Sophie Talking to Sophie

2016

1:

I’m ready now.

2:

Speak up a bit, please.

1:

I’m ready now.

1:

Okay.

2:

Well?

1:

Okay, I’m going to tell you what I’m thinking about.

2:

That is not a new thing. Why did you have to be ready for it?

1:

Because I want to try and articulate myself more clearly than usual. I normally feel like I start talking, and then I lose the… you know, the trail.

2:

Aha.

1:

So… okay, it’s not completely ready in my head, but I’m just going to try.

By the way did you know what the word ready used to mean?

2:

No?

1:

It comes from the word ‘read’ which apparently started off being about the idea of ‘giving advice’… and then, it came to mean ‘explaining something quite obscure.’ And then later it came to mean just its normal meaning of ‘reading ordinary writing’… wait, was it like that? Ah yes, and so when you’re ‘ready’ it is to be prepared for a situation because you’ve read something properly or because you’ve taken the right amount of advice… do you see?

I will remember to tell you the book it was from.

2:

Ok…

Well are you ready?

1:

I guess I am.

Please don’t sound so impatient. It is important for me that you listen.

2:

Okay. I’m listening.

1:

So.

I’ve been thinking a lot about the feeling of being stuck. Of feeling slow, when everything else is fast. And then I wonder if everything really is fast, or if it’s just that it appears fast. And so I see myself standing on this track, and I see stuff and people move past me so fast that they sort of lose their shapes – they just become colours, and light, and trails of light, and trails of colours. And my eyes can’t follow, and then in the end, I decide to only focus on one spot.

2:

And then what happens?

1:

Well, nothing. Absolutely nothing. But my eyes stop hurting.

2:

Have you ever tried, in your thoughts, to start moving as well?

1:

What is so difficult to understand, you know, is that I think I am already moving but I just don’t know it. 

Or, perhaps I’ve just become too aware of the speed.

2:

It’s a bit like when you’re in a train, right, and two things happen…

One is that you start to move, and in the beginning your eyes are trying to catch up with the movement, and if you look at someone else’s eyes who sit in front of you, their pupils are moving so incredibly fast, like a… speedometer or something, until the outside just becomes stable, and when you look out you just see an image of the landscape moving slowly.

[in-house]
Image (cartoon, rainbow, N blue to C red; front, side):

Or. You’re sitting in the train, and there’s another train next to yours. And then you begin to move, you think, until you realise it wasn’t your train but the other train. Is it a bit like that?

1:

I think so.

So then, as I’m standing there, all these thoughts come into my brain. I can almost see them come in, and then follow them for a bit, and then they disappear. The thoughts could be: why are you not moving?? Why do you ache to move at the same speed as the rest? Why do you think you’re in a hurry?

2:

And do you find answers? Do you answer yourself in that moment?

1:

Well, not really. But I do start to come up with answers, but the answers then enter into the same mesh as the rest. They start to move too quickly as well.

2:

What a mess you’ve gotten yourself into. I wish I could give you some sort of advice…

1:

Don’t think about it. It’s enough that you listen.

Then I have this other image of myself entering this big field, or open landscape of sorts. And I know that I have to start walking. And I also know, that if I had those special skills, perhaps I would be able to see where others had walked before me. Like, I would notice the way the grass was bent, or follow the smells, or even touch the ground and feel the indents of feet. But then I begin to walk, and I can’t do any of those things. And you know what I end up doing?

2:

No?

1:

I zigzag.

And then I keep doing that for a while. And I end up somewhere, which was not far from where I began. But I feel like I’ve experienced something.

2:

Hm….

Do you want to get an ice cream?

1:

Yes.

Oh, by the way. I read the thing about ‘ready’ in a book called A Brief History of Lines by a man whose writing I like a lot called Tim Ingold. And it’s on page 14. Oh now I don’t even know if I understood what he said. But doesn’t matter. It made sense when I spoke to you.

2:

That’s something.

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